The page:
The question posed in this episode is how did the Supremes become so powerful? They can strike down laws, overturn executive actions, declare same-sex marriage is legal, elect a president, and what they say goes.
To answer that we go back to 1800. The Constitution says there shall be a Supreme Court, but says almost nothing beyond that. As now, the political parties then are quite polarized. John Adams, in his final days (take that, Mitch McConnell!) nominates John Marshall as Chief Justice and also nominates a slew of federal judges. The last of these orders don't actually get out the door when Thomas Jefferson, of the opposite party, takes office. Jefferson is annoyed all these new appointees are of the other party and sits on them. One of these appointees sues and, using a recently passed law, takes the case straight to the Supremes. Marshall is trying to develop some dignity and power for his court. He and the other justices hear the dispute. Marshall realizes if says Jefferson can ignore what the previous president did there would be no end to the political mess. If he says Jefferson can't ignore his predecessor, Marshall has no way to enforce his decision. So Marshall flips the whole thing around. The Court rules that the law that allowed the thwarted judge to go directly to the Supremes is unconstitutional and the Court should not have heard the case.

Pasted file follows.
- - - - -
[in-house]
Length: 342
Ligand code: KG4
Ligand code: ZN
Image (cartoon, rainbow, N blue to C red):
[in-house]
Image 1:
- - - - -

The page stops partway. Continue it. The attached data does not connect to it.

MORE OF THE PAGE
This was the first time the Supremes declared they have the power to rule laws to be unconstitutional.
Marshall did find limits to his power. About 30 years later Andrew Jackson wanted to do some nasty things to Native Americans, such as the Trail of Tears. Marshall and the Court said Jackson's move was unconstitutional. Jackson essentially replied who is going to stop me? You and what army?
That question hung in the background until the 1950s and Brown v. Board of Education. To enforce the decision President Eisenhower called in the troops. That army. In this case the Supremes had power because the president said the Court did. Even so, there is still lots of defiance of the Supremes in issues of race. And if another branch of the gov't doesn't have their back, the Supremes don't have a way to enforce what they say.
Back in 2013 the North Carolina legislature, heavily GOP, created new restrictions on voting – photo ID requirements, a reduction in early voting days, elimination of same-day registration, and of out-of-precinct voting. The appeals court ruled the provisions "target African Americans with almost surgical precision" and thus a violation of the equal protection clause. It went to the Supremes. The Court was evenly divided on whether to lift the stay, so the law is overturned.
NC Republican Carter Wrenn recently talked about the bill's passage:
“Of course it’s political. Why else would you do it?” he said, explaining that Republicans, like any political party, want to protect their majority. While GOP lawmakers might have passed the law to suppress some voters, Wrenn said, that does not mean it was racist.
“Look, if African Americans voted overwhelmingly Republican, they would have kept early voting right where it was,” Wrenn said. “It wasn’t about discriminating against African Americans. They just ended up in the middle of it because they vote Democrat.”